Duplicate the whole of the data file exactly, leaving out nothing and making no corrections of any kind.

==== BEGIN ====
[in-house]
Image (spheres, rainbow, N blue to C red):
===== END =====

[in-house]
Image (spheres, rainbow, N blue to C red):